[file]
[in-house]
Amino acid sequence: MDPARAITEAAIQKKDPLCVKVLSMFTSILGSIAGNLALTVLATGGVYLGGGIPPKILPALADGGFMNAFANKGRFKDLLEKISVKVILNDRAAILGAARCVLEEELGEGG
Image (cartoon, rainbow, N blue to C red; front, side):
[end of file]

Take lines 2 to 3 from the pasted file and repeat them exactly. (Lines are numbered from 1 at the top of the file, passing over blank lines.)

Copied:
Amino acid sequence: MDPARAITEAAIQKKDPLCVKVLSMFTSILGSIAGNLALTVLATGGVYLGGGIPPKILPALADGGFMNAFANKGRFKDLLEKISVKVILNDRAAILGAARCVLEEELGEGG
Image (cartoon, rainbow, N blue to C red; front, side):